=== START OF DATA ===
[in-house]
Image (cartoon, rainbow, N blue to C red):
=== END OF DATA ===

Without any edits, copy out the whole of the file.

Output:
[in-house]
Image (cartoon, rainbow, N blue to C red):